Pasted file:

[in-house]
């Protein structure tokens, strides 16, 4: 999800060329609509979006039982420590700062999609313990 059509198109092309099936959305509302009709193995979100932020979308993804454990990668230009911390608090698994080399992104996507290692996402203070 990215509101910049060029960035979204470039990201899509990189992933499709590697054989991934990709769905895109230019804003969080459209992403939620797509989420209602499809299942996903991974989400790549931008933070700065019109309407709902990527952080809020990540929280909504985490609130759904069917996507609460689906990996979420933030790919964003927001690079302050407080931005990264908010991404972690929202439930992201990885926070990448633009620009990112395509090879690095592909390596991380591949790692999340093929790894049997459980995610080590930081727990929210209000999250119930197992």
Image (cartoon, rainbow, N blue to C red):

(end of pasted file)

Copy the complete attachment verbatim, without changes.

[in-house]
């Protein structure tokens, strides 16, 4: 999800060329609509979006039982420590700062999609313990 059509198109092309099936959305509302009709193995979100932020979308993804454990990668230009911390608090698994080399992104996507290692996402203070 990215509101910049060029960035979204470039990201899509990189992933499709590697054989991934990709769905895109230019804003969080459209992403939620797509989420209602499809299942996903991974989400790549931008933070700065019109309407709902990527952080809020990540929280909504985490609130759904069917996507609460689906990996979420933030790919964003927001690079302050407080931005990264908010991404972690929202439930992201990885926070990448633009620009990112395509090879690095592909390596991380591949790692999340093929790894049997459980995610080590930081727990929210209000999250119930197992």
Image (cartoon, rainbow, N blue to C red):